The Implications Of A Sharply Rising Money Supply

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The Implications Of A Sharply Rising Money Supply“Follow the money.” is always good financial analysis advice.

One of the top ten economic measurements to watch is the money supply. The traditional measurements used are called “M1” and “M2.” M1 is defined as the value of all coins, currency held by the public, traveler’s checks, checking account balances, NOW accounts, automatic transfer service accounts, and balances in credit unions. M2 is a measure that includes M1, plus savings and small time deposits, overnight repurchase agreements at commercial banks, and non-institutional money market accounts.

Deregulation and financial innovation have caused significant changes in the amounts invested in the different vehicles within the definitions of M1 and M2. This has given rise to new measurements that do not include investment vehicles with any length of deposit. One such measure, Money Zero Maturity (MZM), includes any monetary instrument that has zero maturity and therefore can be redeemed at face value on demand.

This new measurement works better than M2 at tracking the relationship between the velocity of money (the ratio of nominal GDP to MZM) and its opportunity costs (the difference between the 3-month Treasury yield and the share-weighted average of yields paid on MZM components). It is estimated that a one-percentage point rise in opportunity costs ultimately lowers the level of MZM demand by more than four percentage points.

The Fed uses the supply of money to influence the economy. They adjust the supply of money in three ways. First, they set a “reserve requirement” for all banks. By raising this requirement they can shrink the money supply. The second way the Fed controls the money supply is by buying and selling Treasury bills. Every time they sell a Treasury bill they remove cash from the economy and replace it with a security that is not counted in MZM. Finally, the Fed changes the money supply by raising and lowering interest rates. Rising rates tend to tighten the money supply by discouraging spending. Everything the Fed can do to shrink the money supply they can reverse to expand the money supply.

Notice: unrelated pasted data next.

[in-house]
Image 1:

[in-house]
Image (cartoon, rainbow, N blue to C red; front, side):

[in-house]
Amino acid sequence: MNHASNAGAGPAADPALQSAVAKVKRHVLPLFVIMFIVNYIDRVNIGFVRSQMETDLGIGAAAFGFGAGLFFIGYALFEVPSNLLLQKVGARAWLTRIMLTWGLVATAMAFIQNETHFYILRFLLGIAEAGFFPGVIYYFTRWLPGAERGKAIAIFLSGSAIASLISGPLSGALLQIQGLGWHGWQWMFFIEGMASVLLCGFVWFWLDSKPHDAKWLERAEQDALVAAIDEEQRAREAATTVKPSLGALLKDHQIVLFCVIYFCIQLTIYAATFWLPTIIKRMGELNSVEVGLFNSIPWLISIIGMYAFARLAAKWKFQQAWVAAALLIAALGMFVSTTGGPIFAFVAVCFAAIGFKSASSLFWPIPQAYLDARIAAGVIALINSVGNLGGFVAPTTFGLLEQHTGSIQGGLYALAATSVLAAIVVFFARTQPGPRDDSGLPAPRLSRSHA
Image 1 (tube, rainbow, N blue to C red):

Recently analysts have measured that MZM rose at a 17 percent rate from April to mid-August. That is more than double the 8 percent rise from September 2002 through April 2003. And the April data was already triple the pace of gross domestic product. This policy of accelerated money growth by the Fed will have some significant consequences.

First, economic indicators such as gross domestic product should rise faster than previously predicted. Capital goods demand will also rise. Interest rate spreads should increase, and along with that the profits of banks should rise proportionally. Financial services should do well in this climate since their profits are proportional to the value of the spread times the value of the flow. As both of these increase the bottom line of banks and other institutions should do well. Finally, inflation will ultimately have to rise and keep pace with these changes in the money supply.

Photo by Vivek Kumar on Unsplash

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David John Marotta is the Founder and President of Marotta Wealth Management. He played for the State Department chess team at age 11, graduated from Stanford, taught Computer and Information Science, and still loves math and strategy games. Favorite number: e (2.7182818...)